Starting in 2017, physicians who practice clinical cardiac electrophysiology (CCEP) will be required to have 2 additional years of specialized training following the required 3 years of cardiology training, according to a statement issued Sept. 18 by three major cardiology associations.
The American College of Cardiology (ACC), the American Heart Association (AHA), and the Heart Rhythm Society (HRS) also recommended volume increases for numerous procedures that trainees perform prior to completing fellowships (J Am Coll Cardiol. doi 10.1016/j.jacc.2015.08.040).
The training requirements are necessary to meet the growing complexity of CCEP and ensure physicians are sufficiently trained, said Dr. Hugh Calkins, vice chair of the statement writing committee and director of the clinical electrophysiology laboratory and the arrhythmia service at the Johns Hopkins Hospital, Baltimore.
“Training in CCEP has become more complex as the clinical specialty has matured,” Dr. Calkins said in a statement. “Use of cardioactive drugs; implantation and use of implantable electronic devices and left atrial appendage occlusion devices; and performance of invasive catheter ablation procedures for arrhythmia management have reached a level of sophistication that has mandated a reevaluation of the training curriculum and the duration of training.”
The guide defines the six competencies – medical knowledge, patient care and procedural skills, practice-based learning and improvement, systems-based practice, interpersonal and communication skills, and professionalism – and provides curricular milestones for each as fellows progress through training. Additionally, the statement updates recommendations for the numbers of procedures trainees should perform during fellowship. For example, each trainee should perform at least 175 electrophysiologic procedures for arrhythmia evaluation, according to the statement. Over the 2-year CCEP fellowship, trainees should perform at least 160 ablation procedures, with at least 50 of these being supraventricular ablation procedures.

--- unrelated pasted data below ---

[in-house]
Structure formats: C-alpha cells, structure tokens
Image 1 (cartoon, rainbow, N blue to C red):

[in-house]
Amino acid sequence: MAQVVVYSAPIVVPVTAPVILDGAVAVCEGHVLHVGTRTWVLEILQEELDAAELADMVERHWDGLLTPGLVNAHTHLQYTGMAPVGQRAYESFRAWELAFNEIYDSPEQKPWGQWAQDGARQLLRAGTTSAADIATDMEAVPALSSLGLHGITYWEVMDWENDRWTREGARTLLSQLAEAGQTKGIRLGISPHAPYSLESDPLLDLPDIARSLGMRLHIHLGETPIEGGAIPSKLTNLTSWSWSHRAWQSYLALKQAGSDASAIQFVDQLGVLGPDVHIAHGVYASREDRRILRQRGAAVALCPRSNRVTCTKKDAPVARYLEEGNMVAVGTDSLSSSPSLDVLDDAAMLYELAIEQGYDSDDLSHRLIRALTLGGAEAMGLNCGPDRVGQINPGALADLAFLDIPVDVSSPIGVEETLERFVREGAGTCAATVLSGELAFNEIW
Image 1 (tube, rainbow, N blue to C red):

Trainees should also participate in mapping and ablation of at least 30 arrhythmias, the association recommends. Fellows are expected to gain competence in programmed electrical stimulation with cognitive skills in identifying the arrhythmia circuit using both activation and entrainment mapping, determine appropriate sites for ablation, and demonstrate conduction block across reentry circuit sites post ablation. Integration of knowledge related to three-dimensional mapping systems and reentrant mechanisms is also required. Of the 30 procedures, at least 20 typical atrial flutters and 10 other macro-reentrant ATs are expected.
The American Board of Internal Medicine (ABIM) previously required cardiologists to have 1 additional year of training in clinical cardiac electrophysiology. However, at the request of the ACC, AHA, and HRS, ABIM has increased the duration of training required to sit for examination in electrophysiology to 2 years starting in 2017. ABIM and the Accreditation Council for Graduate Medical Education (ACGME) will now review the proposed recommendations of the writing committee and decide how to incorporate the recommendations.
The recommended number of procedures for trainees was developed through published studies, competency statements, and the opinions of the writing committee. In addition, the writing committee surveyed 33 CCEP training-program directors to gain additional insight into procedural volumes.
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